Looking for a festive libation with literary ties, I came across a recipe for writer Dorothy Parker's cocktail of choice: Champagne Cocktail (below). According to Hemingway & Bailey's Bartending Guide to Great American Writers, Parker, after her introduction to champagne , wrote the following:
Three be things I shall never attain: Envy, content, and sufficient champagne.
Parker, who was one of the founding members of the renowned Algonquin Round Table, would have raised a toast last week to the recent triumph of the hotel's resident cat, Matilda. This year, someone complained to the New York City health department about the Ragdoll cat's presence in the bar and restaurant area in the lobby of the Algonquin Hotel. For awhile, Matilda was confined on a leash behind the registration desk. Thanks to the addition of an invisible electric fence, Matilda once again can roam free--within limits--in the hotel lobby.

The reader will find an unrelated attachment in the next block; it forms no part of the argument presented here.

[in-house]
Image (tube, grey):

In the story about Matilda's unleashing this week, the New York Times included this bit of history about the series of cats who have resided at the Algonquin:
Matilda is the latest in a long line of Algonquin cats going back to the 1930s. The first, a stray who wandered in off West 44th Street with as much elan as a famous guest, was known as Rusty or Hamlet. Since then, each cat has been succeeded by another with the same name, Hamlet for the males, Matilda for the females.
And now, the recipe for Dorothy Parker's favorite cocktail:
- 1 sugar cube
- 2 dashes of Angostura bitters
- Lemon twist
Drop sugar cube into a chilled champagne flute and soak with bitters. Fill with champagne. Garnish with twist. Sometimes an ounce of cognac is added.
Recipe from Hemingway & Bailey's Bartending Guide to Great American Writers
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